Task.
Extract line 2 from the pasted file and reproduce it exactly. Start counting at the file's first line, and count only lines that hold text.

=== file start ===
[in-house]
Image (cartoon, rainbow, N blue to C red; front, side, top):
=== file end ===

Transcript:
Image (cartoon, rainbow, N blue to C red; front, side, top):